Weight Loss & Dieting Tips

All too often, we make weight loss much more difficult than it needs to be with extreme diets that leave us cranky and starving, unhealthy lifestyle choices that undermine our dieting efforts, and emotional eating habits that stop us before we get started. But there’s a better way! You can lose weight without feeling miserable. By making smart choices every day, you can develop new eating habits and preferences that will leave you feeling satisfied—as well as winning the battle of the bulge.

Yet no matter what approach most people use to diet, their weight loss is temporary. The weight they lose almost always returns in the long run. 

Studies show as much as two thirds of the weight lost through dieting is regained within one year, and almost all the weight is regained within five years. Other weight loss techniques such as behavior modification, exercise and drugs--even in controlled settings--usually produce only short-term results. 

While there is no “one size fits all” solution to permanent healthy weight loss, the following guidelines are a great place to start:

    Think lifestyle change, not short-term diet. Permanent weight loss is not something that a “quick-fix” diet can achieve. Instead, think about weight loss as a permanent lifestyle change—a commitment to your health for life. Various popular diets can help to jumpstart your weight loss, but permanent changes in your lifestyle and food choices are what will work in the long run.

    Find a cheering section. Social support means a lot. Programs like Jenny Craig and Weight Watchers use group support to impact weight loss and lifelong healthy eating. Seek out support—whether in the form of family, friends, or a support group—so that you can get the encouragement you need.

    Slow and steady wins the race. Aim to lose 1 to 2 pounds a week to ensure healthy weight loss. Losing weight too fast can take a toll on your mind and body, making you feel sluggish, drained, and sick. When you drop a lot of weight quickly, you’re actually losing mostly water and muscle, rather than fat.

    Set goals to keep you motivated. Short-term goals, like wanting to fit into a bikini for the summer, usually don’t work as well as goals like wanting to feel more confident or become healthier for your children’s sakes. When frustration and temptation strike, concentrate on the many benefits you will reap from being healthier and leaner.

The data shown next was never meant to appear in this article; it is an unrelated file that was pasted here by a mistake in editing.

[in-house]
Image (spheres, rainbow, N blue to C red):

Use tools that help you track your progress. Keep a food journal and weigh yourself regularly, keeping track of each pound you lose and inch of your waist lost. By keeping track of your weight loss efforts, you’ll see the results in black and white, which will help you stay motivated.

Keep in mind it may take some experimenting to find the right diet for your individual body. It’s important that you feel satisfied so that you can stick with it on a long-term basis. If one diet plan doesn’t work, then try another one. There are many ways to lose weight. The key is to find what works for you.

Healthy dieting and weight loss

The following recommendations for successful weight management:

    Regular physical activity. Exercise not only increases caloric expenditure, it increases feelings of well-being and perceived energy level. Studies also suggest exercise can be effective in regulating appetite. However, the challenge is to incorporate exercise into other life-long habits.

    Social support. Long-term weight regulation is easier when individuals are supported in their goals by family, friends, colleagues and treatment support groups.

    Internal motivation. Those who demonstrate internal motivation such as "I'm doing this to be in charge of my life," are more successful in weight management than those who focus on external reasons like "fitting into a new pair of jeans."

    Positive health benefits. Focusing on positive health benefits such as an ability to walk further without being winded, increases the chances of successful long-term weight management.

    Smaller, more frequent meals. Eating smaller, more frequent meals throughout the day helps maintain blood sugar levels and avoids feelings of starvation, which can lead to bingeing.

    Gradual changes. Those who make gradual changes in diet and exercise are more likely to successfully manage their weight in the long run, than those who make dramatic changes at once. 

Weight Management Approaches

Managing caloric intake is the most popular way people attempt to lose or maintain healthy weight. Results of the Food and Drug Administration's recent Weight Loss Practices Survey indicate that many people are using reduced-calorie foods as part of their weight management strategies, including low-calorie dressings, low-calorie sweeteners, low-fat frozen desserts, low-fat cheeses, diet breads and light alcohol beverages.

Vitamins, meal replacements. over-the-counter products, weight loss programs and diet supplements are also being used by men and women in decreasing order from 28 to 3 percent. While certain diets alter the proportion of calories from fat, carbohydrate and protein.

Some studies show, however, that overweight individuals do consume more fat in the diet than their slender counterparts. Gram-for-gram, dietary fat provides more than twice the number of calories as carbohydrate or protein.

Pound-for-pound, how does that effect of caloric restriction compare to exercise? Evidence suggests that greater amounts of weight are lost more quickly with caloric restriction than with increased caloric expenditure. But, when exercise is added to dietary change, even greater weight losses are possible.

"Exercise builds muscle tissue, and muscle cells burn more calories while you are resting than do fat cells. The more muscle you have, the more energy you burn while at rest".

1 comment:

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